I love backpacking in the Sierras, but there is one little problem: The First Day.
The normal procedure for packing the mountains is to drive up to some convenient starting point, maybe a high national forest parking lot. This makes a lot of sense, since you obviously would prefer not to spend a week or two walking up from the flatlands. Instead, you get a nice head start by arriving rested at, say, 8,000 feet.
Of course, when I say rested, I don’t mean you’ve had any sleep. To maximize your time in the mountains, you probably drove most of the night to reach your parking lot. So you are sleep deprived.
You are also oxygen deprived.
You’ve given your body absolutely no time to adjust to the altitude shift, so your corpuscles are working overtime trying to keep your body supplied with enough oxygen to keep you conscious and mobile.
You put on your boots, open your trunk, and heft your pack onto your back, which immediately starts to protest. It is one of the facts of a contrary world that you get to start with a pack that is at its very heaviest when you are least prepared to bear it. As the days go by you will eat your way to a lighter pack, but on the first day it’s chock-full of food and, freeze-dried or not, a couple of weeks worth of food weighs a lot.
But, with the slightly bent over posture of great age, you are ready to start.
Well, sort of ready. The truth is you’ve been sitting in an office chair for most of the last year (New Year’s resolutions to the contrary) and you are not in as good shape as you hoped you’d be. Still, how big a problem should that be?
Oh, wait. That contrary world has provided you with another catch: Everywhere you might like to go is uphill from where you are.
So you are sleep deprived, oxygen short, carrying a totally unreasonable weight (your shoulders will be discussing that with you shortly), and now you get to climb steeply uphill.
And you do this for fun?
Some years ago I went packing with my old camping buddy and his new wife. Trim and athletic (they’d kept their New Years resolutions) they were just bursting with energy and ready to hit the trail. They’d volunteered to do the food shopping, and they’d added another little catch to the mix which was going to haunt me for the next few hours.
Seems they had decided that the key to getting the best start on a good hike was to make sure that the first night’s meal was a good one. No freeze-dried baked beans for them, no sir. They’d packed genuine (heavy) steaks, genuine (heavy) potatoes, and the makings of a real (not too heavy) salad.
Now I’ve known back-packers to trim the margins off their maps so they didn’t have to lug those extra grams in their packs. I’m not quite that level of fanatic, but the rule is still that you carry nothing you don’t have to.
Steaks? Potatoes? Really?
But wait, there’s more.
My friends are genuine wine connoisseurs while my palate tends to the plebeian. I understand that serious drinkers prefer reds, but some unfortunate memories of college rotgut burgundies had permanently soured me on them. So you can imagine I was overjoyed when my friends announced that they had brought a good Cabernet Sauvignon to cap off our first night’s dinner.
There are few things heavier to carry in one’s pack than fluids and the idea of lugging that totally superfluous and unpalatable load up into the Sierras seemed to be taking lunacy to a masochistic level.
My friends carefully divided the extra weight of our first night’s meal between us. And – you guessed it – I got to carry the wine.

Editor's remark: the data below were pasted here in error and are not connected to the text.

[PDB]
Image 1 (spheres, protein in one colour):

One of the rules when backpacking is to constantly listen to your body and pace yourself. That first day you should be walking at a pace roughly equal to that of an octogenarian. It’s much slower than your normal pace and darned hard to do. Let me tell you it’s a lot harder when you are hiking with people who are in lots better shape than you are. You don’t want to be a burden, you don’t want to be a laggard, and you are just competitive enough to try to match their pace.
Pretty soon the shoulder straps start to cut in, the pack starts to gain weight with every step, and your heart starts to pound in your temples.
Despite my best intentions to monitor my pace and hold back, I was soon aware I was pushing myself too hard to keep up. It wasn’t too long before my friends were having to stop along the way to allow me to catch up. They were very nice about it, but as I got more and more tired, my mood got blacker and blacker. I was becoming the very definition of an unhappy camper. And I kept thinking of that damned bottle of wine I was carrying.
Finally I just told them to stop waiting for me. They could just push on ahead and set up camp. I’d get there when I got there.
I pushed on, but my legs were getting rubbery, my breaks longer, and the sun began to set. It was about that time I hit the sand.
Hiking in sand is about as unpleasant a way to walk as has ever been invented and I was in no shape to tackle it. If my friends hadn’t been waiting somewhere ahead I think I’d have just lain down then and there. I yearned to throw that Cabernet away, but it was just too much effort.
But everything has an end. Finally I came around a bend and found our camp all set up. I walked about three steps into it and then just fell over backwards without even taking my pack off. I don’t remember ever having been so exhausted and miserable in my entire life.
Just to round it off my friend came over. Not to commiserate or to rescue me. Instead he started rustling around in my pack for that damned wine. It was the purest form of icing on any cake you can imagine. Then he disappeared over to where their tent was.
But in a couple of minutes he was back and handed me a stainless steel cup full of that miserable, goddamned Cabernet.
I’ve never tasted anything so wonderful in my entire life.